(664a) Tuning Phage Display and Yeast Surface Display for Panning for Novel Ligands on Tumor Cells | AIChE

(664a) Tuning Phage Display and Yeast Surface Display for Panning for Novel Ligands on Tumor Cells


Stern, L. A. - Presenter, University of Minnesota
Schrack, I. A. - Presenter, University of Minnesota
Deshpande, A. - Presenter, University of Minnesota
Johnson, S. M. - Presenter, Chemical Engineering and Materials Science
Hackel, B. J. - Presenter, University of Minnesota

Tuning Phage Display and Yeast Surface
Display for Panning for Novel Ligands on Tumor Cells

Lawrence A. Stern, Ian A. Schrack, Aakash
Deshpande, Sadie M. Johnson, and Benjamin J. Hackel

Yeast surface display and phage
display have proven to be effective tools in the evolution and screening of
ligands with novel binding activity. 
Generally, selections for binding activity are carried out using immobilized
recombinant domains of target molecules. 
While this method often provides ligands with apparent high affinity and
specificity for the target of interest, translatability to true cellular target
in vitro is a common concern.  Direct selections on mammalian cell surfaces
can be carried out either exclusively or in combination with soluble
target-based selections to further direct toward evolution of ligands with affinity
for true cellular target.  Further, this
method can be applied to simultaneous discovery of molecular targets and new
binding ligands using poorly characterized cell types.  This study aims to optimize direct cellular
selections using multiple formats of phage display and yeast surface display by
using an epidermal growth factor receptor (EGFR) model system that encompasses
multiple tiers of affinity and cellular target expression, and to directly
compare these methods for applicability to binder selection from mock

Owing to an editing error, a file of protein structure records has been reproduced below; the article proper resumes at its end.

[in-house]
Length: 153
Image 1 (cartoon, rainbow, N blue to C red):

libraries.  Cell-based selections with
standard yeast surface display can be successful with up to mid-nanomolar
affinity, yielding 15-30% of inputted binders with enrichment ratios reaching 96
± 84.  However, this level of enrichment
requires at least one million targets per cell, with yields and enrichment
ratios decreasing dramatically for a 10-fold decrease in targets per cell.  One hypothesis for this decrease in
enrichment is a lack of accessibility of relevant epitopes due to steric
hindrance by glycosylation and other membrane-bound proteins on cell surfaces.
The impacts of displayed protein linker length, receptor epitope, and receptor
identity will be discussed. Mathematical modeling of phage display selections
highlights the importance of (a) binding strength, which is being evaluated
with various intrinsic affinities and four modes of valency
? monovalent pIII, bivalent pIII
using a previously validated antibody hinge - leucine zipper fusion approach
(Lee, et al., J. Immun. Meth. 2004),
avid pIII from phage vector, and multivalent pVIII via pVIII engineering ? and
(b) fraction of phage displaying ligand, which is being evaluated using the
aforementioned display approaches. Western blotting techniques are used to
quantify displaying fraction. Mock library selections are used to quantify
enrichment. Optimal conditions, and their consistency with mathematical
modeling, will be discussed as well as ongoing efforts in target-ligand